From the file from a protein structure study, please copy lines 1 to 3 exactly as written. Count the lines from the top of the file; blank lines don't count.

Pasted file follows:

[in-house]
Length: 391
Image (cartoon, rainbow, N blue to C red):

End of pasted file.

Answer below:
[in-house]
Length: 391
Image (cartoon, rainbow, N blue to C red):